Italians want the world to know how to make gelato. Which is why one school is attracting foreigners to study the art.
Rivalled only by pasta in popularity, gelato is a must-eat for visitors when they descend on the “Bel Paese”. The frozen treat’s appeal is strong – this year, Italian ice cream parlours will serve up €2.5bn in scoops of the sweet stuff to locals and tourists. And one company is now investing millions to teach its preparation techniques in an effort to spread the gelato culture beyond the country’s borders.
Founded in 2003 on the outskirts of Bologna, the Carpigiani Gelato University offers courses year-round, many structured into week-long seminars, to those aspiring to the title of gelataio. When MONOCLE visits the campus on a summery day with blue skies and 30C heat, students are huddled inside an air-conditioned hall to hear the lecture of maestro Luciano Ferrari – the Italian title of “master” is preferred to “professor” and instructors fittingly wear a chef’s jacket to class.
On a whiteboard, Ferrari details the various types of milk-based gelato and runs through several recipes for vanilla. He stresses store presentation by pulling out a batch of gelato and carefully making wave-like impressions on the surface with a serving spade. Throughout his talk to a group of foreign students in English, the term “ice cream” is treated with contempt. “When we refer to ‘gelato’, we mean an artisan product that’s creamy, made fresh daily with in-season fruit; ice cream is industrially produced: it has double the fat content, more air and ingredients to help it stay in supermarket fridges for days,” he says.
Nodding in approval is the school’s director, Japanese native Kaori Ito. Her appointment is testament to the institute’s desire to expand overseas – today, Carpigiani’s 13 schools operate in cities as far away as Shanghai and São Paulo. “With the recession, we see people coming to us, many in their mid-thirties, stuck and looking for a change. We act as an incubator.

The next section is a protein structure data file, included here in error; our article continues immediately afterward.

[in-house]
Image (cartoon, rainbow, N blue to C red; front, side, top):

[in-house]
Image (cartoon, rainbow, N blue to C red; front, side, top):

We teach them the art of gelato making, help them put together a business plan and financing for equipment.” Carpigiani’s educational thrust is, of course, rooted in economics since it complements the company’s main activity: the assembly of gelato-making machines, a €120m-a-year business that now has a nearly 60 per cent market share worldwide.
So far, the initiative has been a runaway success, with class enrolment doubling over the past two years to 12,500. In Bologna, foreign attendees even outnumber locals, as burned-out professionals from Düsseldorf to Dubai, some using their holiday allowance to attend class, look for a new challenge. “Most of my life I’ve been doing theoretical stuff; crunching numbers. I have this desire now to get behind the counter and work with my hands,” says German management consultant Martin Franssen.
Italian Andrea Morelli, a former bank manager, has a similar story. Winner of a Carpigiani scholarship that provides mentoring and financial assistance, he is preparing to uproot to Florida to open a gelateria. “I used to work for a pay cheque, not for something I was passionate about. Now I’ll see happy customers in front of me every day eating my gelato.”
This delicate chocolate chip flavour calls for a sweet fiordilatte (whole milk base) and coco beans that range from run-of-the-mill to Venezuelan Criollo.
A creamy classic made with nuts grown at the base of Mount Etna in Sicily (or Syria, depending on availability).
This sorbet is a litmus test for every gelataio. Made with fruit from southern Italy, sugar and water.